Tiles and tribulations
Remember the kitchen renovation? The one we’ve been working on since 2012, when I began this blog? The one we burned out on as soon as we had a fully functional kitchen? Well … we’re back on it!
What about the side porch, you ask? For a while, it was on ice, literally. And then it was under water … and then .. well, maybe this isn’t the best time of year to build a porch. But it’s perfect for inching our not-quite-finished kitchen toward true completion.
Long ago we decided to repeat the bathroom’s white subway tile in the kitchen, but with gray grout to complement the floor. We bought all the materials. And naturally, I procrastinated. After months of tripping over buckets of thin set in the hall and working around the box of tile next to the sink, we finally got our butts in gear. We thought that our four days off over Thanksgiving should be more than adequate to install our backsplashes. (Place your bets now. The fact that I started writing this post in November and am just now publishing it in late December should be a hint.)
Oh no … not again! By clearing everything off the counters, I recreated this familiar scene. That dining room table sure is a magnet for kitchen crap … what can I say?
Months ago, when Eric installed the backing board, he was challenged to find adequate attachment points. He had difficulty installing the backing board at the same depth as the plaster wall above it. Easy in theory, but not so easy in practice. I put the camera as close to the wall as I could to get this shot, which shows a fairly wide gap between the countertop and the backing board. I was worried whether the thin set and tile would be thick enough to bridge that gap.
I started tiling at the Mother Hubbard end. Applying mastic to the narrow space was awkward, even with a small notched knife. After messing with that for a while, I gave up and simply buttered the individual tiles.
The curved edge at the of the sink required some tricky cutting. Eric had the tile saw set up in the basement to prevent tile dust from covering the kitchen. He got his lower body workout running up and down, up and down the stairs, getting the tiles to fit. The cut tile wasn’t exactly precise, but we figured any irregularities would be disguised by caulk. That’s when I realized why I had avoided this task for so long: Tiling is messy, fussy, and time-consuming. The wall was not even and I had to scootch (technical term) the tiles to fit. The old house constantly reminded me of her age. “I’m 101 … this is as straight as I can stand!”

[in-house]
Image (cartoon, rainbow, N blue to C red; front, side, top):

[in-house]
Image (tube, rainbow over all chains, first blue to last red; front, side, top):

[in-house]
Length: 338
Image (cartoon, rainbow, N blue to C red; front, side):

As I progressed, I abandoned the gray grout idea because I knew gray would emphasize any unevenness between tiles. We traded the bucket of gray for white. Even without grout, I was surprised at how much vintage detail the subway tiles lent the room.
With the tile in place, I could feel the wintry air rushing in from between the window apron and the wall. Caulk … we need caulk!
We moved on to the other side of the room, which we expected would be much easier, as there were no curves to negotiate … just two outlets. And it was easier. But … what the hell?? Look at the upper row of tiles—they’re WAY skinnier on the right. #$%^!!!
I had no idea that this wall was so out of alignment. Really, there wasn’t anything we could do. The counters are level with the floor, and the upper cabinets are level with the ceiling. It’s just that the floor and ceiling aren’t level with each other! Since we couldn’t change that, somewhere in the middle, the discrepancy had to make itself known. Unfortunately, it was in a place where the house screamed out at me, “Look how crooked I am!!” Those uneven tiles really looked pretty amateur. Most of our projects look darned good … I’m not a fan of amateur. I was bummed. I hoped that grout would conceal the unevenness.
I got busy with the grout and forgot to take photos. My small grout float wouldn’t fit behind the faucet, so I smooshed (another tech term) the grout in with my fingers. (Yes, the window trim desperately needs to be painted. That will be my next trick. Don’t hold your breath, though.)
Then it was Eric’s turn with the caulk gun. I was right, the thin bead of white caulk neatly concealed any rough edges around the sink tiles, and with a little extra caulk, the winter air no longer blew in under the window. Whew!
In Eric’s hand, that little plastic caulk trimmer did a great job of creating a clean line. The sink before trimming …
And after. Nice, huh?
Overall, I’m really pleased with our backsplashes. They look so clean and shiny and Craftsman-y. The white grout did a lot to disguise the crooked top row under the upper cabinets. It still bugs me, but 95% of people who visit our kitchen won’t notice it. Of course, now you know, so you have to promise not to snicker or roll your eyes if you come over.
So, this task is complete at last, and before the end of the year. TA DA! I can go to sleep at night knowing that I won’t have to do any tiling in the foreseeable future, and that nothing—but nothing!—will seep between my sink and the counter ever again. And really, isn’t that the secret to peace of mind?